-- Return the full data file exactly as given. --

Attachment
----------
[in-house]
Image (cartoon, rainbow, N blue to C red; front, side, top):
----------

[in-house]
Image (cartoon, rainbow, N blue to C red; front, side, top):